The fair is split roughly into three sections. The largest hall contains mostly publishers, who will sell you everything they can at a relatively good discount—even for new games you’ll get about 10% off the planned retail price. The next largest has smaller publishers and a lot of sellers—not just of current games but quite a few with old stock or second-hand games. If you ever wanted the original Game Of Life or some once-printed expansion, you’ll find it. I did find it hard to get English copies of language-dependent games, though. Finally the third hall is in conjunction with a comics convention and contains a vast array of more typical geek fare such as LARP gear, costumery, a wonderful British ale and mead stand, role-playing games, miniatures and so on.
It was a totally awesome experience—but do set yourself a games budget and stick to it or it’ll add up quickly!
Sounds fun! Again, this is an excerpt from Cnightwing’s extensive report. You can read the full story by clicking this here link.
Virtual Reality Bites
Drew Toal did The One’s work by writing about how Saints Row IV out-Matrixed Enter The Matrix 10 years after the fact in a Decadent essay. Both games pit you as a super-powered person smashing bad guys in a virtual reality prison, but Saints Row did it better, argues Drew. Pgoodso was quick to mention that Enter The Matrix wasn’t the first Matrix to get virtual reality wrong:
It’s touched on in the piece, but it is worth reiterating how absolutely uninspired Neo’s “mastery” of the Matrix is. He’s supposedly able to bend the rules of reality in the Matrix. Neo could easily be the Matrix’s Green Lantern or Scarlet Witch (literally if he liked the comics enough). But he limits himself to classical Superman powers. Hell, there’s been teleportation, invulnerability and walk-through-walls cheats in games since DOOM, and he chooses to fly—non-instantaneously—to save Trinity?
Then there’s the arsenal. The “real” world of Zion actually has energy weapons and EMPs that can disrupt AI circuits, so by the film’s narrative logic, energy weapons of that nature are perfectly physically possible. They also have those walking mech defense units. As such, why in the world are they using ’90s era weaponry in the Matrix? To blend in better while they dodge bullets and suspend themselves in midair? You can bring in an Uzi, but you can’t bring in, say, that energy weapon that gets used to kill Joe Pantoliano? Or at least an Apache helicopter? At the very least Neo should have turned on Big Head mode and turned himself into a velociraptor. Then he would have at least been as creative a messiah as the programmers of Turok.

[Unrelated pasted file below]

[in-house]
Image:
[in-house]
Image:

Anthony John Agnello must love cereal because he compared the new Batman: Arkman game to a bowl of Rice Krispies—bland, but enjoyable! Taking place around Christmas time, the game looks really pretty, like a perfect milky bowl of Frosted Mini Wheats. See, I can do the cereal analogy thing too! Fluka is of similar mind and pitched a pleasantly non-violent Batman game that sounds lovely:
One thing that catches my eye: the whole Christmas and snow thing. Can I buy the game and just have Batman silently wander the rooftops, his footsteps muffled as he listens to the distant sound of carols, his heart heavy with melancholy? Without any of this silly punching and bataranging? He can keep using the grappling hook, but only to continue his snowy, solitary wanderings. Maybe, à la Proteus, he can chill out with an owl.
Well folks, that does it for my time behind the Keyboard Geniuses wheel. I’ve had a great time putting these together the past year. You geniuses deserved each and every one of those studs. Matt Gerardi will be taking over, so be sure to say hello and good luck adjusting to his tyranny. Thanks everybody for reading and commenting, and we will see you next week.